Staff-Development Providers Eye New Opportunities
Still, the Industry Will Have to Compete for Market Share With Districts as School Systems Shift Ever More Professional Development In-House
People on the lookout for business opportunities have not often seen the glint of gold in helping teachers improve their craft. But the glint is brightening.
A potent combination of new federal money, a consensus around the importance of teacher effectiveness, and digital innovations has supercharged professional-development providers. Veterans are being joined as never before by new or expanded businesses.
In the late 1990s, venture capitalists and fund managers examined the education industry, with some even glancing in the direction of teacher professional development. But enthusiasm among advance-guard investors waned as businesses that managed K-12 schools struggled and as computerized lessons failed to narrow achievement gaps. The disappointments underscored that most of precollegiate education remains labor-intensive and change-averse—conditions that don’t promise much growth potential.
Sorting Through the Jumble to Achieve Success
Still, engineers and entrepreneurs continued to pull digital wonders from their hats, and to a degree, the school market responded with demand. Then came the No Child Left Behind Act, meting out consequences to schools and districts that failed to raise student achievement.
With some 5,000 schools identified as wanting, the Obama administration has allocated nearly $17 billion for fixes. The NCLB law also requires that districts in trouble with its accountability provisions use 10 percent of their federal anti-poverty Title I money for professional development. On top of that, two federal programs that spotlight teachers, the Teacher Incentive Fund and the Race to the Top program, raised the ante on teacher effectiveness by billions more.
As a result, the lure is there, but are the profits?
Responding to the recession, some school districts have been keeping more of their professional development in-house, an approach that helps save jobs by creating positions for coaches and professional developers. Plus, many districts are used to getting their professional development locally or regionally, often from former employees, universities, and smaller outfits whose people they know.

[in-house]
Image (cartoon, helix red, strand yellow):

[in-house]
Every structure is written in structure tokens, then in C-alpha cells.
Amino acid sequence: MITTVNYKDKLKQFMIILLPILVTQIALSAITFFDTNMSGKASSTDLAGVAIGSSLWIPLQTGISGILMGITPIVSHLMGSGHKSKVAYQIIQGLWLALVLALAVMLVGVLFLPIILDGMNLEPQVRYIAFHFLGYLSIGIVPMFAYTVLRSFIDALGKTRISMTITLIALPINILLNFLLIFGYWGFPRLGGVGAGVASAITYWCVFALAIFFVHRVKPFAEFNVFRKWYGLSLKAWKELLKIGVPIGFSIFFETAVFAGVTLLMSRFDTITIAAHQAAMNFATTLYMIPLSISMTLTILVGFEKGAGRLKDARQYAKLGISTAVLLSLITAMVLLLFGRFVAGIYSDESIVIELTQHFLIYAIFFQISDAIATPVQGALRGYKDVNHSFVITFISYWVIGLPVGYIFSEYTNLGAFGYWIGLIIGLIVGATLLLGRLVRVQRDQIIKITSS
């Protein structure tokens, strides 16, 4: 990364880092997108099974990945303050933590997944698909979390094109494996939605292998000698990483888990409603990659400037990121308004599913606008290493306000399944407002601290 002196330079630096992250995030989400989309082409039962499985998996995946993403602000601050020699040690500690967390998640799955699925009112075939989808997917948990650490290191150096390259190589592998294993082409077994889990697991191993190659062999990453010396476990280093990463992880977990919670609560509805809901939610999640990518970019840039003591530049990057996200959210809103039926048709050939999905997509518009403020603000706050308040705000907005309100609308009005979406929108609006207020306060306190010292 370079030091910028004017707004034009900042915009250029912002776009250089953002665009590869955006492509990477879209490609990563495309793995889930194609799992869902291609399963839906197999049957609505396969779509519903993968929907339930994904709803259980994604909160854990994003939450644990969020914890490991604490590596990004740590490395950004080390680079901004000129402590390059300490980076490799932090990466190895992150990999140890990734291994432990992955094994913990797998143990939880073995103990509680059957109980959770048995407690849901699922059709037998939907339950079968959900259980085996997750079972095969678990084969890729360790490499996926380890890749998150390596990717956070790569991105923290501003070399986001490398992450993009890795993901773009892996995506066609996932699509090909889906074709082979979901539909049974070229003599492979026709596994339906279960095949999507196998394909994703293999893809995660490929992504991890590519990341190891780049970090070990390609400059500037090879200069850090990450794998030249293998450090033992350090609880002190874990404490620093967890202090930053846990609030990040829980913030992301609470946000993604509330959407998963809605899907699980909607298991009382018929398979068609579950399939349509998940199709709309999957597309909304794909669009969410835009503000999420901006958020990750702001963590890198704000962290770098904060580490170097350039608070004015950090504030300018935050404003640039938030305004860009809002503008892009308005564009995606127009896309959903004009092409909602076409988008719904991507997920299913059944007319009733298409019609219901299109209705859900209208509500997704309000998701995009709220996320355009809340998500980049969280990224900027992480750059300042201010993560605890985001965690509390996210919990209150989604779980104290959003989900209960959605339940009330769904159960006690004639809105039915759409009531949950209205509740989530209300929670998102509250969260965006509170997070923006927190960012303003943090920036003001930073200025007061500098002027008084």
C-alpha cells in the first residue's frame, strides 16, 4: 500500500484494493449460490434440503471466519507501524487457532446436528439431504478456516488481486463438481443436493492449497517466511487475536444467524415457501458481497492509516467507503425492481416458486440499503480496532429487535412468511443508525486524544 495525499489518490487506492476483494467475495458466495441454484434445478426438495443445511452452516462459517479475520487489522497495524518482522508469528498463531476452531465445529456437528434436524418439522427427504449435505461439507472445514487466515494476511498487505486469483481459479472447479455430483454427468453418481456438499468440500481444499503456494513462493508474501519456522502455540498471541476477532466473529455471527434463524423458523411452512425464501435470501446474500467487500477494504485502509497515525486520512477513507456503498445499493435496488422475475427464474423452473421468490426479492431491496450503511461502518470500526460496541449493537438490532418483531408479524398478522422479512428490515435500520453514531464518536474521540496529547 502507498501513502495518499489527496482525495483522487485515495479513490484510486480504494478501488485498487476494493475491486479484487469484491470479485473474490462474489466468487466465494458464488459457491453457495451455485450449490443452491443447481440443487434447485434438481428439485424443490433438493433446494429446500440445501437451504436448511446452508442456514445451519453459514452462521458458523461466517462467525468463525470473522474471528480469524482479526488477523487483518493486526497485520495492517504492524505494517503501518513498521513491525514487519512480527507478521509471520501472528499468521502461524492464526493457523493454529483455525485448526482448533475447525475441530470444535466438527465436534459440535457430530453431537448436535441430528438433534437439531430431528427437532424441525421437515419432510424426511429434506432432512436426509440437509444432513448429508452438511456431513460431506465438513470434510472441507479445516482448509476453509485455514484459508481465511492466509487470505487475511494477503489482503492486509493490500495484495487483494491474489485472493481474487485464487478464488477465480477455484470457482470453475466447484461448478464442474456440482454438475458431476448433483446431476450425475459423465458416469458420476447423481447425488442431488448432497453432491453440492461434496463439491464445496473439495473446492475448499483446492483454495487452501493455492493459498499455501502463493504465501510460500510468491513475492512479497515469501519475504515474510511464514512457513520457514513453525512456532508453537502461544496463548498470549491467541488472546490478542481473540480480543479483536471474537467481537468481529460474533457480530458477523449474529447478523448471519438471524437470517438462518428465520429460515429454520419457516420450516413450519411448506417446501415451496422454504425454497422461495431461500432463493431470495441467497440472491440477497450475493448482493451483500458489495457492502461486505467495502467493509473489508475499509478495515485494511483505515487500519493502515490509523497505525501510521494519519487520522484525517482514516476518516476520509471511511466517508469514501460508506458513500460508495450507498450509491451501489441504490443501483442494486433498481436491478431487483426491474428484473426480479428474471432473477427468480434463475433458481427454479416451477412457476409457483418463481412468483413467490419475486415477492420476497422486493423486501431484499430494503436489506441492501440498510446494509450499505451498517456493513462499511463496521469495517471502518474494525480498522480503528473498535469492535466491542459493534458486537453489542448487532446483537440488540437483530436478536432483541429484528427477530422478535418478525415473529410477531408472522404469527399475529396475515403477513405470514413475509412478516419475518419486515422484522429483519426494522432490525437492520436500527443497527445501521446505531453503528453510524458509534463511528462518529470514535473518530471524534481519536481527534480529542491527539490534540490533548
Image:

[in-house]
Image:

Rough estimates made three years ago by officials at the industry giant Pearson showed that about half of professional development then was provided internally or by regional education service agencies, a quarter by nonprofits such as universities, 15 percent by individuals from outside the district, and just 10 percent by for-profit organizations.
“So much of the PD market is local,” observed Stephanie Hirsh, the executive director of Learning Forward (formerly the National Staff Development Council), the membership organization for educators concerned with professional development. “It’s about hiring the [retired] principal or teacher who had expertise in the area.”
Jim McVety, a Bucks County, Pa.-based consultant to K-12 businesses, points out that state or district rules often make teachers put in “seat time” to get credits toward recertification or pay increases, and that such rules get in the way of online learning—one route to valuable economies of scale.
These mini-profiles—including video interviews—are meant to provide insight, but not to serve as representative examples of the districts in which they teach or programs in question. Their diverse experiences highlight the challenges districts face in providing high-quality training matched to each teacher’s needs.
Schools are also leery about working with for-profit firms, several business executives said. “Unnecessarily phobic,” offered Scott C. Noon, the vice president for marketing of Teachscape, which focuses on high-tech professional development. That’s unfortunate, he continued, because nonprofits “typically don’t have the kinds of capitalization that for-profits do to invest in new technology.“
Whether the sector will offer significant new opportunity or just a tidy living for existing players is hard to say, according to Mr. McVety. At present, he concluded, “I’d retain a healthy degree of skepticism.”
Some education industry leaders are betting on opportunity. The big three of U.S. textbook publishing—Houghton Mifflin Harcourt, McGraw-Hill, and Pearson—have all “aggressively pursued” the professional-development market, according to a 2006 report from Simba Information, which tracks publishing and media businesses.